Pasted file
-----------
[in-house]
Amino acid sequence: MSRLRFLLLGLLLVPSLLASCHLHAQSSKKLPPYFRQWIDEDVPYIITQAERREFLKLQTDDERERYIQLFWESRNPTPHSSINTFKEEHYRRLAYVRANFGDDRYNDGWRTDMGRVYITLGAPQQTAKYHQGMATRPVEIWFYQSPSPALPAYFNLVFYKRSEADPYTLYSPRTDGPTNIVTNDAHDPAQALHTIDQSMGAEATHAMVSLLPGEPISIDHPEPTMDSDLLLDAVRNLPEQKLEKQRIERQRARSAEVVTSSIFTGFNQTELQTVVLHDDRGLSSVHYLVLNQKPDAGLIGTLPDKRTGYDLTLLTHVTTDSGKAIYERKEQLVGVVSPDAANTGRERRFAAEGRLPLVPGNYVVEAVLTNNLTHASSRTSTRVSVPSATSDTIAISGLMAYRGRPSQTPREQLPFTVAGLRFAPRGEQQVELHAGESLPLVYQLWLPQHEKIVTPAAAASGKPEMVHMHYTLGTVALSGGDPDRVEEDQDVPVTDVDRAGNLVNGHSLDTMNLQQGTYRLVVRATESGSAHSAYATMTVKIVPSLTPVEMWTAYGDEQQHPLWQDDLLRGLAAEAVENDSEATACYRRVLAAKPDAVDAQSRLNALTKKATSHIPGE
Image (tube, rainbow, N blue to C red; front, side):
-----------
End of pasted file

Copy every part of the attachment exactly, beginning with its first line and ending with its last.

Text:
[in-house]
Amino acid sequence: MSRLRFLLLGLLLVPSLLASCHLHAQSSKKLPPYFRQWIDEDVPYIITQAERREFLKLQTDDERERYIQLFWESRNPTPHSSINTFKEEHYRRLAYVRANFGDDRYNDGWRTDMGRVYITLGAPQQTAKYHQGMATRPVEIWFYQSPSPALPAYFNLVFYKRSEADPYTLYSPRTDGPTNIVTNDAHDPAQALHTIDQSMGAEATHAMVSLLPGEPISIDHPEPTMDSDLLLDAVRNLPEQKLEKQRIERQRARSAEVVTSSIFTGFNQTELQTVVLHDDRGLSSVHYLVLNQKPDAGLIGTLPDKRTGYDLTLLTHVTTDSGKAIYERKEQLVGVVSPDAANTGRERRFAAEGRLPLVPGNYVVEAVLTNNLTHASSRTSTRVSVPSATSDTIAISGLMAYRGRPSQTPREQLPFTVAGLRFAPRGEQQVELHAGESLPLVYQLWLPQHEKIVTPAAAASGKPEMVHMHYTLGTVALSGGDPDRVEEDQDVPVTDVDRAGNLVNGHSLDTMNLQQGTYRLVVRATESGSAHSAYATMTVKIVPSLTPVEMWTAYGDEQQHPLWQDDLLRGLAAEAVENDSEATACYRRVLAAKPDAVDAQSRLNALTKKATSHIPGE
Image (tube, rainbow, N blue to C red; front, side):